Why Summer Nighttime Temperatures Don’t Fall Below Freezing

April 10th, 2015 by Roy W. Spencer, Ph. D.

frozen-lady-libertyThere’s something about the greenhouse effect /sky radiation / downwelling infrared / back radiation issue that keeps drawing me back to the subject.

I guess it’s the number of people who don’t believe the so-called greenhouse effect exists (I still get e-mails from them, even today), combined with the difficulty of convincing them that their everyday experience is consistent with its existence.

I’ve used a handheld IR thermometer to directly measure its effect (the temperature of the surface of a thermopile in the device increases as you scan from pointing straight up in a clear sky to pointing at an angle…voila! Downwelling sky radiation changing surface temperature!). But, no, that’s not enough.

I’ve also tried to explain that the temperature of the Earth and its atmosphere (or anything else, for that matter) is a function of rates of energy gain and energy loss, not of just how much solar radiation is absorbed. I’ve argued this using the analogy of insulation in a house…even though the insulation does not add “new energy” (just as the atmospheric greenhouse effect doesn’t add new energy to the Earth system,) it does make the house warmer in winter by reducing the rate of energy loss to its colder surroundings.

But, no, that’s not accepted since, you know, house insulation works by conduction, not by radiation. Sigh.

So, just for laughs, here’s another demonstration, involving a simple model of the cooling of the soil at night.

At night the soil cools by loss of infrared radiation. The Stefan-Boltzmann equation lets us estimate the rate at which IR energy is being lost based upon surface temperature and emissivity, and simply dividing that by the product of the soil depth and soil bulk heat capacity gives us the rate at which the soil layer temperature will fall. Basic physics and thermodynamics.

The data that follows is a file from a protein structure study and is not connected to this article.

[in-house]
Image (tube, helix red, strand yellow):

From that we can make a simple time-dependent model to calculate the change in temperature throughout the night. This simple spreadsheet model I’ve provided here will allow you to change assumed parameters to see how to get a realistic temperature decline over 12 nighttime hours. What you will find is that the temperature falls to unrealistically cold levels unless you assume a large downwelling energy flux from the sky into the soil (also adjustable in the model).

If you are wondering, “what about cooling of the atmosphere in contact with the ground?”, well just make the soil layer deeper…it turns out that 0.2 meters of soil is equivalent in bulk heat capacity to about 200 m of atmosphere.

The adjustable parameters (in red in the spreadsheet) are soil depth (0.2 m is typical for day-night temperature changes), the soil heat capacity (2.5 is typical, water is 4.18), the IR emissivity (0.90-0.95 would be typical), the downwelling sky radiation intensity (0 for all you sky dragon slayers [SDSs] out there, 250-350 for the rest of us), and the starting temperature (300 K is about 80 deg. F).

For example, for a 0.2 m moist soil layer (about 8 inches thick), starting at 80 deg. F, the rate of energy loss over 12 hours is enough to cool that soil layer down to 25 deg. F….IF you don’t assume any downwelling IR from the sky (the SDS-recommended setting):


But, if you assume the Trenberthian global-average value of 330 W/m2 for downwelling sky radiation, the soil cools from 80 to about 67 deg. F, a much more realistic value:


In reality, the soil surface cools faster that does the deeper layers, but I didn’t want to complicate things with a multi-level model (which I don’t have time to work on anyway). This is just a simple, bulk model calculation meant to illustrate how extremely cold it would get at night without downwelling IR from the sky (aka, the “greenhouse effect”) reducing the net rate of energy loss to outer space.

Of course, downwelling IR from the sky is going on 24-7-365, acting to keep daytime temperatures warmer than they would otherwise be, too.

Warmer daytime + warmer nighttime = Warmer Earth.

Now, as I’ve mentioned before, as much as 75% of this big, bad greenhouse effect is “short-circuited” by convective heat loss by the surface, which is almost entirely a daytime phenomenon over land (nighttime surface temperatures quickly cool the near-surface air to make it convectively stable). (And, just for completeness, a greenhouse atmosphere is colder in the upper layers than it would otherwise be.) My point is that, just because the “greenhouse effect” exists doesn’t mean that our 1-2% enhancement of it with carbon dioxide is going to cause anything bad to happen. There are natural cooling mechanisms in place for the lower atmosphere. The stratosphere, though, probably will cool, as we have seen in satellite data.

But denying the existence of downwelling IR radiation from the sky (which is measured continuously at many sites around the world) is, in my opinion, a losing strategy.

Now, let the silliness begin….

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